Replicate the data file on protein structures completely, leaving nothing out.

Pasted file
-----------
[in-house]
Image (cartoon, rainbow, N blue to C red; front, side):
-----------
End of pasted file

[in-house]
Image (cartoon, rainbow, N blue to C red; front, side):